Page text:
In Chapter I, I delved into the dynamics of sibling aggression in the nest to better understand how they can shape among individual differences later in life. By adopting a null-model approach, I showed that red kite nestlings strategically adjust how to direct their aggression depending on the daily changes in food provisioning, and that these adjustments associate with a skewed food allocation towards senior siblings when food is scarce, but allow for higher intake of youngest siblings, and thus catch-up growth, when conditions improve. These food-driven aggression patterns can have implications for both the individual physical development and the acquisition of dominant-subordinate personalities.

In Chapter II, I investigated how early-life conditions affect the emergence of social phenotypes in the early dispersal phase and tested for their underlying spatial mechanisms. To do so, I combined a supplementary feeding experiment during growth with social network analysis and analysis of movement behaviour. I found that last-hatched chicks—the least competitive— had the fewest number of peer encounters after fledging. However, if food supplemented, they had more encounters than all other groups. These outcomes were driven by differential space use, with less competitive individuals naturally spreading out into marginal areas, and food supplemented individuals clustering in central foraging areas. These results highlight that early-life conditions can have significant effects on individual behaviour beyond independence, with potentially far-reaching consequences on the social and spatial structure of animal populations.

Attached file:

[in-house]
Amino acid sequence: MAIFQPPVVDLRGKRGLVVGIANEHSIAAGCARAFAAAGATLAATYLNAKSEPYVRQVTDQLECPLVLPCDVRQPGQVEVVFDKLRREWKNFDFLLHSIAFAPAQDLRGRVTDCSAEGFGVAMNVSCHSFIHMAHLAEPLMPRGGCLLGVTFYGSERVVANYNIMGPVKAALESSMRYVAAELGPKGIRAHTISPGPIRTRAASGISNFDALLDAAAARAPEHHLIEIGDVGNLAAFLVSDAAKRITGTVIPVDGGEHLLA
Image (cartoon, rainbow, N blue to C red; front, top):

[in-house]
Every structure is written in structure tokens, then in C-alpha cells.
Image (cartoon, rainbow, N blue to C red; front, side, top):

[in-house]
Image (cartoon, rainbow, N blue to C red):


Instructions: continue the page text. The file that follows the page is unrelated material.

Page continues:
In Chapter III, I delved into the drivers of individual differences in winter communal roosting, a behaviour with distinct social and spatial implications. I hypothesised that the variation in communal roost attendance should be largely attributable to cost-benefit trade-offs associated with age, breeding status and sex. Through a food placing experiment, I showed that birds that joined communal roosts approached ephemeral feeding sites significantly more and had a larger home range size compared to those that roosted solitarily, suggesting improved food detection of communally roosting birds. The propensity of roosting decreased with age, whereas it remained low in females and decreased in both sexes once they started breeding. This overall suggests that communal roosting provides benefits in terms of foraging, but that the net benefit of roosting changes with experience and life-history stage and differs between sexes.